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United Airlines Flight Delays and Cancellations to Continue This Summer

United is blaming the Federal Aviation Administration for continued flight disruptions this summer.

On Thursday, United chief operating officer Jon Roitman sent a letter to employees saying air traffic control (ATC) staffing was, in part, the reason for thousands of flight delays and cancellations since March.

“We estimate that over 50% of our delay minutes and 75% of our cancels in the past four months were because of FAA traffic management initiatives — those have been particularly acute in Newark and Florida,” he said. “These ATC challenges can not only disrupt the schedule, but they also cause us to burn crew time throughout the month.”

According to Roitman, the ATC staffing system, particularly in New York and Florida, cannot handle the high number of flights scheduled this summer.

“Until that is resolved, we expect the U.S. aviation system will remain challenged this summer and beyond,” he said. “We’re eager to do our part and will continue to stay in touch with the federal government on possible solutions that will positively impact customers.”

The airline received a waiver from the FAA in June to reduce its daily departures at its Newark hub by 12% to better manage the volume.

Delta Air Lines CEO Ed Bastian made similar comments about ATC staffing at an employee town hall on June 29, saying the FAA is the “most stressed” aviation organization, travel news outlet Skift reported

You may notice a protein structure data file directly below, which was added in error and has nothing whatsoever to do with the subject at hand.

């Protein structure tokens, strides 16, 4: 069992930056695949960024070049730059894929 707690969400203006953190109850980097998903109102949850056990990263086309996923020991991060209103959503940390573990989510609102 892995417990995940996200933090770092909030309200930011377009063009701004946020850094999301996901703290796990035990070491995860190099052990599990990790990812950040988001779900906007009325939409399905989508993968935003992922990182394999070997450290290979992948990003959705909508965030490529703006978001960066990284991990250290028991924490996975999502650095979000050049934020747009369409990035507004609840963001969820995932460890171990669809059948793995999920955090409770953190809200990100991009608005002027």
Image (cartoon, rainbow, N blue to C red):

The FAA responded to United’s allegations on Thursday, telling Insider in a statement that ATC staffing was not at fault for the majority of flight disruptions this summer.

“It is unfortunate to see United Airlines conflate weather-related Air Traffic Control measures with ATC staffing issues, which could deceptively imply that a majority of those situations are the result of FAA staffing,” the FAA said. 

The agency explained that other factors, including weather, high flight volumes, and ATC capacity, also lead to disruptions — not just staffing.

“On July 3rd and 4th there were no FAA staffing-related delays at all, yet airlines still canceled over 1100 flights, a quarter of which were United Airlines flights,” the agency told Insider. “We will continue to meet our responsibility to hold airlines accountable, while standing ready to collaborate where appropriate so that Americans can confidently expect safe, reliable, and affordable service whenever they purchase an airline ticket.”

The FAA has maintained it does not have a staffing issue, telling Insider in June that there is “not a system-wide air traffic controller shortage,” despite airlines claiming otherwise.

On June 24, airline lobbying group Airlines for America (A4A) sent a letter to Transportation Secretary Pete Buttigieg saying ATC-related issues are to blame for one-third of recent US flight cancelations. The letter claimed staffing, in particular, has “led to traffic restrictions under blue sky conditions.” 

The stat comes after airlines canceled thousands of flights this summer, especially over key holiday weekends, like the Fourth of July, Juneteenth, and Memorial Day.

A4A pointed directly to the Jacksonville Air Route Traffic Control Center, which it says was understaffed for 27 of the 30 days between May 25 and June 24. After a meeting with airlines discussing solutions for the facility, the FAA told Insider that it has increased staffing at Jacksonville, but did not specify a number.

Despite A4A’s claim, Buttigieg told the Associated Press on June 18 that the government may punish carriers for continued flight disruptions, especially after his own flight was canceled and he was forced to drive from Washington to New York instead.

The secretary said on June 28 that ATC staffing was not driving flight disruptions, per Skift.

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